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I have a question that has been bothering me for a long time. I want to know what resolution you draw at?
I have been unsatisfied with the resolution i currently draw at, which at the moment is only as big as my 15 inch monitor can display. I would like to work in a much higher resolution so that i can draw details easier, but any resolution bigger than my monitor screen looks terrible zoomed out (way too pixel-ly).
I'm not sure if this is because my monitor just isn't big enough, or if the PPI is too low, or if anything just looks terrible re-sized?
- I posted a drawing below, that is about as big as i can draw without zooming out.
So do you work zoomed out?
When i draw zoomed out my lines are extremely pixel-ly, hard to see, and out of place. I just work exclusively in the "actual pixel" resolution.
I'm confused. Are you working at 100% size and then trying to zoom in to say 50%? Or something like 33%? Without getting too technical, programs prefer you use zoom numbers like 25/50/75...and look blurry if you go with numbers like 33/66, etc.
What program and resolution do you currently use?
Last edited by Mirana; April 1st, 2008 at 03:11 PM.
I am working a %100 size, and i don't zoom out at all (my lines become hard to see and pixel-ly)
I am using Photoshop Elements 4.0 and i am working at a maximum resolution of 1024 x 768.
When I work on finished illustration, I usually choose such resolution that with it's 50% of size it fills whole screen. (I have 21" monitor with 1680x1050 resolution) It never looked badly resized unless it's 33% or 66%. When it's some quick and sketchy speedpainting, it's usually 100% of size.
Okay...1024x768 is your pixel size (in this case, the size of your display), not resolution. Your "dpi" (dots-per-inch) is your res. I'm thinking that if you are working at 100% at your display size, then your res is going to be about 72dpi (the standard web-res size). If you take a look at your image under "Image Size" you should see a "pixel size," a "print size" and "resolution." I work around 150 to 300 in dpi, but it depends on what your computer will handle and how large your print size is.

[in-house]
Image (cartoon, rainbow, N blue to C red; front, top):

Your zoom issue sounds like you are trying to work at those "weird" percentage sizes as I (and Farvus) tried to explain above. Scan your image with a larger dpi, and then when you zoom out to work, do so at 25/50/75. Compare that to what the sketch looks like at 33/66 and you'll see a difference.
I'm actually drawing directly into Photoshop with an Intuos tablet.
If i click on properties for one of my drawings it says that both the horizontal resolution and vertical resolution is 150 dpi, is this what you are in reference too?
I am not working in a weird zoom ratio, even at 75,50, or 25 the image looks terrible and pixel-ly.
-it sounds like i just need a new monitor really,really badly lol.
How many colors is your monitor set for? It's in the system prefs somewhere...
No position or belief, whether religious, political or social, is valid if one has to lie to support it.--Alj Mary
Ironically, the concept of SIMPLICITY is most often misunderstood by simple-minded people. --Alj Mary
I having trouble finding how many colors my monitor is set for, unless you are talking about color quality?
Windows: Settings > Control Panel > Settings > Display > Under "Colors"
(or thereabouts, anyway)
Otherwise, it should be somewhere in your Hardware settings.
I still can't find it.
Do you think that the color setting is my problem?
Thunderrobot, create image 3000x2000 pix @ 72dpi/300dpi (depends what cpu u have and ram) and start draw at 25% zoomed-out. then go to details by zooming in to 50%.
the issue here is anti-aliasing feature. both -- photoshop and painter have it, so you must to adopt it. at the beginning it is hard, try to control edges of your strokes, more soft edge have less pixelation... but be aware here, soft brushes will blur your image at the end, so use more hard edges of the brush. also, when u will resize down your picture, all lines will be smooth. don't start work at 100%, because it's the pain to draw details at 300%, or 400%.
hope it will help.
Last edited by teho; April 2nd, 2008 at 02:44 PM.
Thanks a lot guys,
I think i got it now, my cache levels were not high enough.